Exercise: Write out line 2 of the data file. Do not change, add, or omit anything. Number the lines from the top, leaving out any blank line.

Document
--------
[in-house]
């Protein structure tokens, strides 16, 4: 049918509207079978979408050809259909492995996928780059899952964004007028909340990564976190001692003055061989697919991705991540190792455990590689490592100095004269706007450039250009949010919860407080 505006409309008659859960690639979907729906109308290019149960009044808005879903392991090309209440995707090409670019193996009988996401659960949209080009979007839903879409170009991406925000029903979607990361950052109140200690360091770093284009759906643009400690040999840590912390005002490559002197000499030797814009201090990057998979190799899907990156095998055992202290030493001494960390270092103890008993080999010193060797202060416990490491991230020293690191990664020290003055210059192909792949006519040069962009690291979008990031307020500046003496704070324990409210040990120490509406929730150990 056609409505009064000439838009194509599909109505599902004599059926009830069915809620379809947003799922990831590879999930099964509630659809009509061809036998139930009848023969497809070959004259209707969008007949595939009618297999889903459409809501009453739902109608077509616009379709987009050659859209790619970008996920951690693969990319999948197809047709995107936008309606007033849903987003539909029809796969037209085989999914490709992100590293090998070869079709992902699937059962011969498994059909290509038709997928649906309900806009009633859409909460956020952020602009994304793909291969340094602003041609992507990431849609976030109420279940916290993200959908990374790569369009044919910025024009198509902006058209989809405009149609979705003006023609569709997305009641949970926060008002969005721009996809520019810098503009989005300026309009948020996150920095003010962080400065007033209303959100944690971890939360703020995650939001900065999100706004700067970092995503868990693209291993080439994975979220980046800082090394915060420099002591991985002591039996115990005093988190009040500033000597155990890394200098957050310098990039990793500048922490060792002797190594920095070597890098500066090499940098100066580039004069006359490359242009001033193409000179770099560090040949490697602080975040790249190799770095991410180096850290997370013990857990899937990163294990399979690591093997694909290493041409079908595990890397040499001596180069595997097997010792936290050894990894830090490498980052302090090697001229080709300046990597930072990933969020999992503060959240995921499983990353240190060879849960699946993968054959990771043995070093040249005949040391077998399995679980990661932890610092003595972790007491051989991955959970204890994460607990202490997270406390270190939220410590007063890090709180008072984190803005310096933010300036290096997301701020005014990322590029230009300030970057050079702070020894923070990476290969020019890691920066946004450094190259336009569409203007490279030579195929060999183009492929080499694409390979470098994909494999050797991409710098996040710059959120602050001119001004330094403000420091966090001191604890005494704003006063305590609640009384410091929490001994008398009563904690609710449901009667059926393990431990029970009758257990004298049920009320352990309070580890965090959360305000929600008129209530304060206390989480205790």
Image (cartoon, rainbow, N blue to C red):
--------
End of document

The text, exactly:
């Protein structure tokens, strides 16, 4: 049918509207079978979408050809259909492995996928780059899952964004007028909340990564976190001692003055061989697919991705991540190792455990590689490592100095004269706007450039250009949010919860407080 505006409309008659859960690639979907729906109308290019149960009044808005879903392991090309209440995707090409670019193996009988996401659960949209080009979007839903879409170009991406925000029903979607990361950052109140200690360091770093284009759906643009400690040999840590912390005002490559002197000499030797814009201090990057998979190799899907990156095998055992202290030493001494960390270092103890008993080999010193060797202060416990490491991230020293690191990664020290003055210059192909792949006519040069962009690291979008990031307020500046003496704070324990409210040990120490509406929730150990 056609409505009064000439838009194509599909109505599902004599059926009830069915809620379809947003799922990831590879999930099964509630659809009509061809036998139930009848023969497809070959004259209707969008007949595939009618297999889903459409809501009453739902109608077509616009379709987009050659859209790619970008996920951690693969990319999948197809047709995107936008309606007033849903987003539909029809796969037209085989999914490709992100590293090998070869079709992902699937059962011969498994059909290509038709997928649906309900806009009633859409909460956020952020602009994304793909291969340094602003041609992507990431849609976030109420279940916290993200959908990374790569369009044919910025024009198509902006058209989809405009149609979705003006023609569709997305009641949970926060008002969005721009996809520019810098503009989005300026309009948020996150920095003010962080400065007033209303959100944690971890939360703020995650939001900065999100706004700067970092995503868990693209291993080439994975979220980046800082090394915060420099002591991985002591039996115990005093988190009040500033000597155990890394200098957050310098990039990793500048922490060792002797190594920095070597890098500066090499940098100066580039004069006359490359242009001033193409000179770099560090040949490697602080975040790249190799770095991410180096850290997370013990857990899937990163294990399979690591093997694909290493041409079908595990890397040499001596180069595997097997010792936290050894990894830090490498980052302090090697001229080709300046990597930072990933969020999992503060959240995921499983990353240190060879849960699946993968054959990771043995070093040249005949040391077998399995679980990661932890610092003595972790007491051989991955959970204890994460607990202490997270406390270190939220410590007063890090709180008072984190803005310096933010300036290096997301701020005014990322590029230009300030970057050079702070020894923070990476290969020019890691920066946004450094190259336009569409203007490279030579195929060999183009492929080499694409390979470098994909494999050797991409710098996040710059959120602050001119001004330094403000420091966090001191604890005494704003006063305590609640009384410091929490001994008398009563904690609710449901009667059926393990431990029970009758257990004298049920009320352990309070580890965090959360305000929600008129209530304060206390989480205790």